A mandrel should be an essential part of every piper’s toolbox. The use of this simple appliance can make a huge difference to volume, pitch and vibrancy. The benefit of a mandrel cannot be overstated for pipe bands and soloist alike.
When adjusting a chanter reed there is a fine balance between mouth size and blade thickness. Concentrating on one while ignoring the other can be very detrimental. Some pipers will simply squeeze a reed to reduce the mouth size. This may indeed make it easier to blow because it will close the blades but it will also reduce the vibrancy and raise the pitch. The solo player may get away with this one sided solution but in a band situation, striving to get all chanters to the same pitch, it would be a disaster. Squeezing the blades together will raise the pitch, make the reed sound thin, decrease the vibrancy and reduce the volume.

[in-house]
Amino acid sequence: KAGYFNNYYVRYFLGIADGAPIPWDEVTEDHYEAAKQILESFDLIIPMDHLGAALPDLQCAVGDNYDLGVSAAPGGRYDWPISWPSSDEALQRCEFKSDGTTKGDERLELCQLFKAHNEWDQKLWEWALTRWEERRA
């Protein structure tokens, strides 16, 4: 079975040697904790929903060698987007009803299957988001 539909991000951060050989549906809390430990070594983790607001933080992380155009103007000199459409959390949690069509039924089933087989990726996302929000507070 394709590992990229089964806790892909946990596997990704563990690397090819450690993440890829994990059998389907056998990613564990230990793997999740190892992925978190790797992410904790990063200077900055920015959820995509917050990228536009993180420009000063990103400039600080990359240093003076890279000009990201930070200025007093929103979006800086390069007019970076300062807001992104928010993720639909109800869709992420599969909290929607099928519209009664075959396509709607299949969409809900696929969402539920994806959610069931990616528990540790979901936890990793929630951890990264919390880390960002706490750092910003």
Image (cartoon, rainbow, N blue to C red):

When the reed mouth has closed too far the chanter will pitch high and will tend to have an unbalanced scale. This could also lead to a very sharp high G. Using too much tape to flatten the high G will give the chanter a tendency to 'chirp'. It is time to whip out the trusty mandrel and with a little twist open the closed end of the staple. This will open the reed mouth bringing the pitch down, balancing the scale and flattening a wayward high G considerably. Be mindful that opening the reed mouth will strengthen the reed and may make it uncomfortable to blow. A gentle scraping or sanding of the blades will ease the reed and increase its vibrancy and volume. (For instruction on scraping/sanding a reed see the Chris Apps instructional video.)
Finding the correct balance between mouth size and blade thickness with relation to pitch, strength, vibrancy and volume will take practice but the rewards will be worth the effort.